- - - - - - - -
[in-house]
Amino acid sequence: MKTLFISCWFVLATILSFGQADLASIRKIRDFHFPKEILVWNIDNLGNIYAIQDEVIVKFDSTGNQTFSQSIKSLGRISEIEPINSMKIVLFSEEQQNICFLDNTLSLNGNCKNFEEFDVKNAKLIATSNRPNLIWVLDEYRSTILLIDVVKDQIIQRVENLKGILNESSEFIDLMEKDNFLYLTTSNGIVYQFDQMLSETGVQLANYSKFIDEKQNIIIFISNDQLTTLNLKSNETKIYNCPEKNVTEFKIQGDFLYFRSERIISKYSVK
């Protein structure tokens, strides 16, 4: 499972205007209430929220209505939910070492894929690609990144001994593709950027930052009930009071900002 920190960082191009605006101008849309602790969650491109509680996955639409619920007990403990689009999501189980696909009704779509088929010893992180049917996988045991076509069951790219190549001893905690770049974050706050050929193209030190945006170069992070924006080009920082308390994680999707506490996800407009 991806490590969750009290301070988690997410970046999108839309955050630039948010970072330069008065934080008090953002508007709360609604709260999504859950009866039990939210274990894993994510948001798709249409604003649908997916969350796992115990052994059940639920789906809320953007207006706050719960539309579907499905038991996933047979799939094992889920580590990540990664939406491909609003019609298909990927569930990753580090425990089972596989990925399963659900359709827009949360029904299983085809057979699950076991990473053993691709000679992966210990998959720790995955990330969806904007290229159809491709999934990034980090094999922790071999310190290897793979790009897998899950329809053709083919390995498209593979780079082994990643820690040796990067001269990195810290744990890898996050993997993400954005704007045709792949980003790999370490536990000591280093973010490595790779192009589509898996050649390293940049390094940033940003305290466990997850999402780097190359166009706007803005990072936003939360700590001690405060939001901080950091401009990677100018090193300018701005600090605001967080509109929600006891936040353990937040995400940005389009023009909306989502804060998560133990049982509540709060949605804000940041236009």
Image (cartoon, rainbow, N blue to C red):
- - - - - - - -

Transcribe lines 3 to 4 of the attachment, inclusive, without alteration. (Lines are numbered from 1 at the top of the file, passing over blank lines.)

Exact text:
């Protein structure tokens, strides 16, 4: 499972205007209430929220209505939910070492894929690609990144001994593709950027930052009930009071900002 920190960082191009605006101008849309602790969650491109509680996955639409619920007990403990689009999501189980696909009704779509088929010893992180049917996988045991076509069951790219190549001893905690770049974050706050050929193209030190945006170069992070924006080009920082308390994680999707506490996800407009 991806490590969750009290301070988690997410970046999108839309955050630039948010970072330069008065934080008090953002508007709360609604709260999504859950009866039990939210274990894993994510948001798709249409604003649908997916969350796992115990052994059940639920789906809320953007207006706050719960539309579907499905038991996933047979799939094992889920580590990540990664939406491909609003019609298909990927569930990753580090425990089972596989990925399963659900359709827009949360029904299983085809057979699950076991990473053993691709000679992966210990998959720790995955990330969806904007290229159809491709999934990034980090094999922790071999310190290897793979790009897998899950329809053709083919390995498209593979780079082994990643820690040796990067001269990195810290744990890898996050993997993400954005704007045709792949980003790999370490536990000591280093973010490595790779192009589509898996050649390293940049390094940033940003305290466990997850999402780097190359166009706007803005990072936003939360700590001690405060939001901080950091401009990677100018090193300018701005600090605001967080509109929600006891936040353990937040995400940005389009023009909306989502804060998560133990049982509540709060949605804000940041236009």
Image (cartoon, rainbow, N blue to C red):